These deep, dark and devilish Espresso Brownies are exactly the thing you need on your Super Bowl table, or your kitchen table, or your nightstand by your bed when everything has gone awry. Basically these guys are rich, sooooo chocolate-y, are chewy but cake-like and have a definite hit of Espresso flavor. All good things, right?
You can NOT go wrong making or eating these. Ever.
And you can be damn sure these are not Blondies. I am not confused. Not one iota. Not that I have anything at all against blondies, infact I make a heck of an addictive peanut butter blondie from Dorie Greenspan and you can be sure SHE is NOT confused at what a blondie is. No siree (sir-y? whatever).
But apparently Cooking Light was very confused. Seriously? What’s there to be confused about? A blondie has NO CHOCOLATE. And when I was three-fourths of the way through making Espresso “Brownies”, and kept patiently waiting to add the chocolate, I became shocked and horrified to find out these brownies had NO Chocolate! WTF?
Again, no prejudice against blondies, but I was in the mood for a brownie. I have been pretty seriously dieting and eating much healthier lately and if I was going to fall off the wagon, I was going to go whole hog—-translation—I was absolutely going to eat chocolate. Because I am the biggest chocoholic that I know of, and I was definitely in chocolate withdrawal.
So, luckily, I was more than ready to change things up, make these into real, culinarily accurate brownies and added some bittersweet baking chocolate AND some Sharffenberger cocoa powder and voila presto, we had brownies and they were everything I had been dreaming of. Sitting down with a big, icy glass of milk and this crazy rich and chocolate-y brownie definitely hit this dieter’s sweet spot.
At the end of this whole brownie debacle, I seriously considered writing a nasty letter to CL Magazine. It would have gone something like this, “Dear Cooking Light Editor, I demand a retraction of your Espresso Brownie recipe from your March 1995 issue. When in the middle of making the Espresso “Brownies”, I was horrified to find out that the recipe did not call for any CHOCOLATE in the batter! Please consult the culinary definition of a brownie and a blondie and correct the misconception in all future issues so as to save your readers any similar trauma. Thank you. Sincerely, CL Mag Hoarder.”
After giving it some thought, I decided not to send the letter and recalled a favorite book of mine, “Letters from a Nut”. If you don’t have it and are a Seinfeld lover, I highly recommend getting it. Anyhow, hope you enjoy my version of these Espresso Brownies and have a great time watching the Big Game!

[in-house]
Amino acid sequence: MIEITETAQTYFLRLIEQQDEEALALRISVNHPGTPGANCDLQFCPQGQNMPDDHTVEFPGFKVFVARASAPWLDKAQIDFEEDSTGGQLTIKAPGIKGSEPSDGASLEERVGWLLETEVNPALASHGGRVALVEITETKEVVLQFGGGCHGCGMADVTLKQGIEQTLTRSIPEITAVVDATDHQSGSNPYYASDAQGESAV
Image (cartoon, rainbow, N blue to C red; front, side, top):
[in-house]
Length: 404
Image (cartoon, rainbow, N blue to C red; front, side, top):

—PS…I would suggest making a double batch for a crowd. A single batch just would never suffice.
Originally from Cooking Light March 1995 Issue but Made Culinarily Accurate and Chocolate-y by Geni
Makes one dozen brownies
1 1/4 c. firmly packed dark brown sugar (light is ok too if you don’t have dark)
1/2 c. unsalted butter
2 oz bittersweet or semisweet chocolate (two squares or weigh chocolate chips)
1 1/2 T. instant espresso granules
1 T. vanilla extract
2 egg whites
1 3/4 c. all purpose flour
1/4 c. unsweetened cocoa powder
2 t. baking powder
3/4 t. salt
1/2 c. chocolate chips
optional: 1/2 c. chopped walnuts
To make the brownies: Preheat the oven to 325 degrees Fahrenheit. Using nonstick cooking spray, spray-coat well an 8×8 square baking pan. Cut your stick of butter in thirds and chop your two squares of baking chocolate into chunks. In a medium-sized pot over medimum heat, melt your butter, brown sugar and chocolate, stirring until all is incorporated and melted. Add espresso granules and vanilla extract. Stir together. Set aside and let cool.
In a large mixing bowl, whisk together flour through salt. Separate your egg whites and if the melted chocolate mixture is just “luke warm”, add one egg at a time to your melted chocolate mixture, beating vigorously so as not to scramble your eggs. If your chocolate is still hot, then you need to temper your eggs. This is done by putting all of your eggs into a small bowl, beat them together, and then add about 1/4 c. of the chocolate mixture to the eggs, quickly beating in the chocolate. Add another 1/4 c of the chocolate mixture to the eggs, beating again. This is slowly bringing up the temperature of your eggs so that they don’t scramble into the chocolate mixture. Now you can add the egg mixture to the pot and mix together.
Once all of your eggs have been incorporated into the chocolate, pour 1/2 of the chcolate mixture into the flour mixture and stir together. Repeat and add your chocolate chips and optional walnuts. Bake for 35 minutes or until toothpick comes out clean. Let cool before cutting.